[00:21:06] A lot of businesses and companies lost thousands, millions, some even billions of dollars and you know, they went bankrupt as a result. So, uh, as a result, people had to find, you know, other new opportunities. So, this was definitely a gateway for people to step outside of their comfort zone and to try something new.

[00:21:30] However, in relation to, you know, what we've seen, you know, in education and like in the public schools, Ed, it's been very hard, you know, for all of the students, especially for those who have a disability like myself, or who are neurodiverse, or have a learning need. Because with all the virtual learning that we did, all of the students now, there are two, they are two years behind grade level.

[00:21:55] So they need our help. And, you know, with all the virtual learning that we did, it was hard for them to learn and grasp all of the important concepts that they learned in relation to school. And with all the isolation that we did, we also lost our sense of communication and also collaboration. So there was definitely some good that came with COVID, even though some might say, Oh no, it was all negative.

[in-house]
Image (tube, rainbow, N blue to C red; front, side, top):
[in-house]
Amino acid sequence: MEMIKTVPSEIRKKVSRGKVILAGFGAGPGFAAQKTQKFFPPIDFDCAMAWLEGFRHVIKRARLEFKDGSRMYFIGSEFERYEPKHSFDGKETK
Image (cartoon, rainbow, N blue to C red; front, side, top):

[00:22:21] No, there was, there was some good that came with that. But, you know, some of the negatives are, are that, you know, all of our kids and, you know, public school or, you know, private school, they need our help because they are behind on two grade levels. And from the work that I'm currently doing at NASA, we are really promoting not only hands on learning, but we are also getting the campers back

[00:22:47] into a school setting where they're able to collaborate together. Because some careers, you know, like what we do at NASA, it's hard to do remotely. Now, if there's a company or organization that can work remotely, and you know, isn't STEM related, you know, fine. But in my honest opinion, in relation to all the STEM fields, they have to be back to work.

[00:23:10] They have to be in the office because they have to collaborate and engage. And we saw a huge benefit, Ed, you know, from our camp this past summer, where thanks to the collaboration that all the campers had and for being on a NASA site, they realized that this is something that they could do. And, you know, the sky's the limit.